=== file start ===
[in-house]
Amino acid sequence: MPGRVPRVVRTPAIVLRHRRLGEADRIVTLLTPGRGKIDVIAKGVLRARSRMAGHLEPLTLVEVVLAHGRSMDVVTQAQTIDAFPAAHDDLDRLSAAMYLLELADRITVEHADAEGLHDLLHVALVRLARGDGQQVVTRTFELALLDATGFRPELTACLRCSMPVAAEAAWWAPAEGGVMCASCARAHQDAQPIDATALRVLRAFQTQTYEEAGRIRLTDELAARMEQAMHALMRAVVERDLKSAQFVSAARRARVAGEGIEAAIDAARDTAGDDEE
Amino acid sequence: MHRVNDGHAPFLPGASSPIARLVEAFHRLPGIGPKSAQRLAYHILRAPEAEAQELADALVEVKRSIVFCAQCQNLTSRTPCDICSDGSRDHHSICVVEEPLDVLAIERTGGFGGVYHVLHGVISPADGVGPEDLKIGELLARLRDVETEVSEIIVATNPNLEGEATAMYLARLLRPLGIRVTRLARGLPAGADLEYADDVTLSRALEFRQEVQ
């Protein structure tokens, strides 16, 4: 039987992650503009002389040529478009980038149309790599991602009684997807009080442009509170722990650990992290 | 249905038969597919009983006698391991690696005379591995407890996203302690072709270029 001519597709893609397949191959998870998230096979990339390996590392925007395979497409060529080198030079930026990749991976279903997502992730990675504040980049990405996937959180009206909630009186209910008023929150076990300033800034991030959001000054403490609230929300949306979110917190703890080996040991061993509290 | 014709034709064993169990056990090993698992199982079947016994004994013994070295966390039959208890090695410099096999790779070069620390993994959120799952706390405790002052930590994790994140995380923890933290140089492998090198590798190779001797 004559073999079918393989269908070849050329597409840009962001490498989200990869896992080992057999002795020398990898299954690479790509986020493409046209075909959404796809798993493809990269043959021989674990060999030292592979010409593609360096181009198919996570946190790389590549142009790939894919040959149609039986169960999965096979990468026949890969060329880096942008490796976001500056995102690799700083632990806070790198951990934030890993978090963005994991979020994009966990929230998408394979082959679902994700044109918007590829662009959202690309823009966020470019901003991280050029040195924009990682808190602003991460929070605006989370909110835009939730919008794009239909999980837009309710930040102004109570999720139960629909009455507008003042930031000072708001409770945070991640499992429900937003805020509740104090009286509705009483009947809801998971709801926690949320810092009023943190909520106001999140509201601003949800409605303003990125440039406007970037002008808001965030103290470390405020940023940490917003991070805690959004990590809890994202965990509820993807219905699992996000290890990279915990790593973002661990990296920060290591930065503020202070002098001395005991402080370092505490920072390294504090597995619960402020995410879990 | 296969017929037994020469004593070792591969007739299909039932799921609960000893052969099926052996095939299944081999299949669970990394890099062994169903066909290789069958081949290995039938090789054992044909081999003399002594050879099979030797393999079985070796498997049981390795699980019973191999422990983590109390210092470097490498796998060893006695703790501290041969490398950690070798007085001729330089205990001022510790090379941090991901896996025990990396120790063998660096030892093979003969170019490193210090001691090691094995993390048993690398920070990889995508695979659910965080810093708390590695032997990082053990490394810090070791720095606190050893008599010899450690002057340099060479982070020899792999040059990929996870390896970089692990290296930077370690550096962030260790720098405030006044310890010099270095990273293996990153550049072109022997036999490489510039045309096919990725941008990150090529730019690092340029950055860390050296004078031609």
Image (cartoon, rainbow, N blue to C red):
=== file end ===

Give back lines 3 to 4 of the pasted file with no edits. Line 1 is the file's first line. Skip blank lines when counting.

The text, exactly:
Amino acid sequence: MHRVNDGHAPFLPGASSPIARLVEAFHRLPGIGPKSAQRLAYHILRAPEAEAQELADALVEVKRSIVFCAQCQNLTSRTPCDICSDGSRDHHSICVVEEPLDVLAIERTGGFGGVYHVLHGVISPADGVGPEDLKIGELLARLRDVETEVSEIIVATNPNLEGEATAMYLARLLRPLGIRVTRLARGLPAGADLEYADDVTLSRALEFRQEVQ
């Protein structure tokens, strides 16, 4: 039987992650503009002389040529478009980038149309790599991602009684997807009080442009509170722990650990992290 | 249905038969597919009983006698391991690696005379591995407890996203302690072709270029 001519597709893609397949191959998870998230096979990339390996590392925007395979497409060529080198030079930026990749991976279903997502992730990675504040980049990405996937959180009206909630009186209910008023929150076990300033800034991030959001000054403490609230929300949306979110917190703890080996040991061993509290 | 014709034709064993169990056990090993698992199982079947016994004994013994070295966390039959208890090695410099096999790779070069620390993994959120799952706390405790002052930590994790994140995380923890933290140089492998090198590798190779001797 004559073999079918393989269908070849050329597409840009962001490498989200990869896992080992057999002795020398990898299954690479790509986020493409046209075909959404796809798993493809990269043959021989674990060999030292592979010409593609360096181009198919996570946190790389590549142009790939894919040959149609039986169960999965096979990468026949890969060329880096942008490796976001500056995102690799700083632990806070790198951990934030890993978090963005994991979020994009966990929230998408394979082959679902994700044109918007590829662009959202690309823009966020470019901003991280050029040195924009990682808190602003991460929070605006989370909110835009939730919008794009239909999980837009309710930040102004109570999720139960629909009455507008003042930031000072708001409770945070991640499992429900937003805020509740104090009286509705009483009947809801998971709801926690949320810092009023943190909520106001999140509201601003949800409605303003990125440039406007970037002008808001965030103290470390405020940023940490917003991070805690959004990590809890994202965990509820993807219905699992996000290890990279915990790593973002661990990296920060290591930065503020202070002098001395005991402080370092505490920072390294504090597995619960402020995410879990 | 296969017929037994020469004593070792591969007739299909039932799921609960000893052969099926052996095939299944081999299949669970990394890099062994169903066909290789069958081949290995039938090789054992044909081999003399002594050879099979030797393999079985070796498997049981390795699980019973191999422990983590109390210092470097490498796998060893006695703790501290041969490398950690070798007085001729330089205990001022510790090379941090991901896996025990990396120790063998660096030892093979003969170019490193210090001691090691094995993390048993690398920070990889995508695979659910965080810093708390590695032997990082053990490394810090070791720095606190050893008599010899450690002057340099060479982070020899792999040059990929996870390896970089692990290296930077370690550096962030260790720098405030006044310890010099270095990273293996990153550049072109022997036999490489510039045309096919990725941008990150090529730019690092340029950055860390050296004078031609």